Nov 26, 2009

Local authors and new stuff in the store

I have mentioned my friend K.Linda Kivi before in the blog and I am finally reading a book I have wanted to dive into for a long time, a book she edited called The Purcell Suite: Upholding the Wild. The book is a compilation of essays by local Kootenay and BC biologists, naturalists, forest technicians, First Nations, adventurers, climbers, and outdoor, wilderness enthusiasts. They write about their experiences in the Purcell range of the Columbia mountains, why they love this range of territory and how they want it to stay protected. Within my intention to start a book club I wanted to spend some of it reading books by local writers. Unbelievably, I haven't read enough of them! So, we begin with The Purcell Suite.

On another note entirely, Jennie has been shopping in Vancouver recently and there are lots of fun new items to covet in the store including a sweet little cabinet, some beautiful linens, more gorgeous clothing (scarves, nighties, tops and skirts) and even some shiny, flashy new jewels in the case. Come and have a peak, get ready for Xmas and think about treating yourself!

Crime Spree

posted by Jennie

I just finished three crime novels in a row. The first was Siren of the Waters by Michael Genelin.
Jana Matinova entered the Czechoslovak police force as a young woman, married an actor, and became a mother. The regime destroyed her husband, their love for one another, and her daughter's respect for her. But she has never stopped being a seeker of justice. Now, as a commander in the Slovak police force, she liaises with colleagues across Europe as they track the mastermind of an international criminal operation involved in, among other crimes, human trafficking. Her investigation takes her from Ukraine to Strasbourg, from Vienna to Nice, in a hunt for a ruthless killer and the beautiful young Russian woman he is determined either to capture or destroy.
International criminal operations and human trafficking, these are important issues in International Crime Fiction.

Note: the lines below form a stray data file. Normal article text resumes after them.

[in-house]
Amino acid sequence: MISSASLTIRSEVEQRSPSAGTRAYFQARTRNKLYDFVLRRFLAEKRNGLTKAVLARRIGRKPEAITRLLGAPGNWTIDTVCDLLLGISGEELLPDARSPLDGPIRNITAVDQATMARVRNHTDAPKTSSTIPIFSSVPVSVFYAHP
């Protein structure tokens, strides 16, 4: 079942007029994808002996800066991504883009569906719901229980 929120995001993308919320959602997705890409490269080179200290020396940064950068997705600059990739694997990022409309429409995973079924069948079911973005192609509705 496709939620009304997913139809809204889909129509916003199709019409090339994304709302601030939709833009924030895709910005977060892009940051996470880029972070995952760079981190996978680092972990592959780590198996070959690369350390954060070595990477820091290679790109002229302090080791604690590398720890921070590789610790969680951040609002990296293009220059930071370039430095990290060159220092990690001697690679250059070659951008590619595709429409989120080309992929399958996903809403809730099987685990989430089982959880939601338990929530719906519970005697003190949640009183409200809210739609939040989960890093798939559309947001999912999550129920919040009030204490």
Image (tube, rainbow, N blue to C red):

The next was Arctic Chill by Arnaldur Indridason which takes place in Reykjavik, Iceland. This was the best story, most chilling in its representation of the difficult social issues created around immigration. This subject also comes up in almost all of the European Crime Fiction and usually makes a profound impression. The point of these stories is not really the crime, rather it is the author's effort to realistically describe our changing world. Crime is the stage and we are the people.

The last book was The Demon from Dakar by Kjell Eriksson, taking place in Mexico and Sweden. It is the third of Eriksson's mysteries featuring Inspector Ann Lindell of Sweden's Uppsala police force. And this one was the slowest and so the hardest to read. Not a thriller. Not until the very, very end. It wouldn't make any sense unless you have read all the rest, but it's the best ending I have seen in a long time.

I recommend all three of these stories and I'll let you know as soon as I finished the next three...

Nov 18, 2009

Murder in Quebec

posted by Josee Corrigan

I have completed another Louise Penny mystery based in the fictional village Three Pines, located outside Montreal. Dead Cold has everything I look for in crime fiction and more! I've mentioned the Three Pines series before when I was reading my first of her novels, Still Life. Since that time I've finished The Cruelest Month and Dead Cold, now I'm on to another, The Murder Stone - yum.

Inspector Armand Gamache is, much like my favorite old-time detectives Miss Marple and Monsieur Poirot, a searching character (an obvious quality in a detective you might think) with a compassionate eye and introspective nature that ensure you love him and wish he was your father, lover, husband, brother, or son, depending on the context of the book at the moment. Through Gamache, Louise Penny invites you into the idyllic town of Three Pines and an exploration of the human condition by way of murder. Gamache's observations of the other characters in Three Pines during each case brings into question one's own flawed existence. His zen-buddhist/lapsed-catholic approach to those living and dead instigates inquiry not only into each murder, but also the nature of the human mind - rational, insane, evil, joyful etc. These are gentle thinking novels. Perfect for sitting by the fire on a sleeting Sunday afternoon.